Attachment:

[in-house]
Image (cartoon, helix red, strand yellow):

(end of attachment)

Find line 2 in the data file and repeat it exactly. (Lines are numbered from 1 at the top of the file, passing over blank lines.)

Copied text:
Image (cartoon, helix red, strand yellow):